Mar 9, 2019; Boston, MA, USA; Boston Bruins left wing Brad Marchand (63) is congratulated at the bench after scoring against the Ottawa Senators during the second period at TD Garden. Mandatory Credit: Winslow Townson-USA TODAY Sports

Publicly, most of Marchand's mischief is reflected on his Twitter and Instagram pages. They're the only two places that approach his electricity as a hockey player.

He can still fly. His shooting remains among the best in the world. He's as creative a playmaker as any winger in the NHL. And it's incredible that this is the same guy who gave Sami Salo a back-body-drop in the 2012 Stanley Cup Final rematch between the B's and Vancouver Canucks.

Doubt followed him through the years, and you can put me in that group. Sure Marchand has some skill, but he's really just an agitator. Sure he may be a 25-goal scorer, but he's really just a pest. Sure he got over 30 goals, but he certainly won't repeat that. OK maybe his goal-scoring is legit, but he'll never be an elite scorer. OK wow he's a stud now, but ... he's still a pest?

Marchand is unquestionably still pretty pest-y. His on-ice trash talk must be at its most irritating now, as he grinds the gears of kids who just wish he would chill. But Marchand has no chill. It's helped make him the player he's become.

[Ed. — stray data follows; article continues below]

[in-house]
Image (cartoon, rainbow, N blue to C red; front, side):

And he just proved that he can be an elite force in the league without invoking the unfortunate reputation that he's sown over the course of his career. To many fans, he's surely still the filthy rat who speared Jake Dotchin in the marbles and concussed now-teammate Marcus Johansson. To these people he's no better than the fat & happy rats of Allston who stroll right across your path so they can waddle to the nearest dumpster. Nobody likes them.

Gross, but perhaps fair. Marchand has built up a lot of credit in the "dirty player" department. And he admitted to reporters after the end of the 2017-18 season that, as a guy who's become a true impact player, he sincerely wants to pay that balance down.

Tampa Bay Lightning center Tyler Johnson (9) and Boston Bruins left wing Brad Marchand (63) exchange words during the first period in game two of the second round of the 2018 Stanley Cup Playoffs at Amalie Arena.